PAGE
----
In and out of the Blogosphere

Hi friends and fellow "foodies,"

As noted in a previous post, my mom is terminally ill, entering into Hospice care recently. She truly is not doing well, and we forsee her being with God in a matter of weeks, maybe even sooner possibly. I spend as much time as I can with her, but I like coming here to post as it gives me some connection with "normalcy." I may not be able to post daily, however. I just ask that you stay tuned - I haven’t gone away, and will be back to my normal "routine" as soon as I can.

Thanks so much for your understanding!

Chicken and Dumplings

My thanks go out to Emma in the blogosphere - this recipe is for you!


Extra Virgin Olive Oil (EVOO)
1 small onion, chopped fine
2 cloves of garlic, chopped
1 small carrot, grated
3 1/2 pounds chicken pieces
8 cups chicken broth
a couple of sprigs of fresh thyme (or a ½-1 tsp of dried thyme)
kosher salt, fresh ground pepper to taste


2 cups flour
1 tablespoon baking powder
1/2 teaspoon salt
1/2 cup butter, cold
1/2 cup water

finely chopped fresh parsley


Warm a large wide pot and pour in EVOO, two turns of the pan. Put in the onion, garlic and carrot, cooking in the oil until softened. Add the chicken pieces, broth, thyme and salt and pepper, simmering until the chicken is tender, 30 minutes or more. Remove the chicken and set it aside. When cool enough to handle, skin and bone the chicken and shred or cut it into bite sized pieces. If desired, skim the chicken fat off the surface of the broth.

In a large bowl, thoroughly mix the flour baking powder and salt. Using a food processor, pastry blender, or two knives, cut in the butter until it is the size of very small peas and distributed throughout the dry ingredients. Add the water and knead 8 to 10 times. If the dough seems too sticky, add a little more flour. Roll the dough out to 1/8-inch thickness and cut into 1-inch squares.

Bring the broth up to a rolling boil, drop in the dumplings, cover the pot and reduce the heat to simmer. Cook for approximately 10 minutes, or until the dumplings are cooked through. Toward the end of the 10 minutes, put the shredded chicken back into the pot. Be careful not to overcook, as it will cause the dumplings to fall apart. Stir in some finely chopped flat-leaf parsley to brighten the flavor.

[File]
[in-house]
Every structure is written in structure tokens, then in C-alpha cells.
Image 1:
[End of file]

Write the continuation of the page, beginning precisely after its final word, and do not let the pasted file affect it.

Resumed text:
My 2 Cents: Some people ask why I put the carrot in my recipe, which is somewhat different than a "traditional" dumpling recipe. I like the depth of flavor it adds to broth. Even though it will mostly cook away since it is grated, the flavor remains. I would also add that I cut the dumplings fairly small in order to speed the cooking process up. Growing up, my mom would actually form the dough into a larger ball shape, and just cook them a bit longer. It is tasty either way! Lastly, you can speed up the cooking process by purchasing a roasted chicken from the grocery store and using it instead of a fresh chicken. I would recommend that if you do this, cut the wings off the bird and simmer them with the broth for a few minutes in order to get that "cooked all day" flavor. Just scoop them out when you would normally scoop out the chicken in the recipe.

Alaskan King Crab Claws

Recipe courtesy of Alton Brown

This recipe is so simple it doesn’t seem real. My hubby and I love crab legs (complimenting a nice steak, especially!) and were dumbfounded when we watch an episode of Good Eats and saw this recipe. We were both thinking "not the microwave…it’s king crab legs!" It really does work!


6 Alaskan king crab claws, thawed
2 sprigs dill


If necessary in order to fit in microwave, cut claws at joints. Wrap 3 claws at a time in a damp paper towel, along with 1 sprig of dill, and then wrap in plastic wrap. Place wrapped claws in microwave 1 package at a time and cook on high for 2 minutes. Remove and unwrap carefully. Serve immediately.

See? Simple, isn’t it? And yummy….it steams the crab legs since they are wrapped in the dampt towel and the plastic wrap. We like to eat ours with some melted butter. We melt some butter on a pan slowly and put some crushed garlic and lemon juice in so the butter is infused with those flavors. We strain and put into a bowl for the table.


Comforting Chicken Noodle Soup Recipe

Okay, this isn’t your "normal" chicken noodle soup recipe. I LOVE homemade chicken noodle soup - the thick noodles, the tasty veggies and tender chicken. I love it, but usually don’t have the time to spend in the kitchen. So a few years ago, I got a copy of Taste of Home’s Quick Cooking magazine and came across this great recipe. It is simple, but also very good. I like to serve it with a nice crusty, warm bread.
In large pot, bring water and bouillon to a boil. Add noodles; cook, uncovered until tender, about 10 minutes. Do not drain. Add soup and chicken, heath through. Remove from heat, stir in sour cream. Sprinkle with parsley and pepper to taste.